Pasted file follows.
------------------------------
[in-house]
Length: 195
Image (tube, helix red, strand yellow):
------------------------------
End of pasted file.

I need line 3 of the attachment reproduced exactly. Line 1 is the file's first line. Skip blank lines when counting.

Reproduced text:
Image (tube, helix red, strand yellow):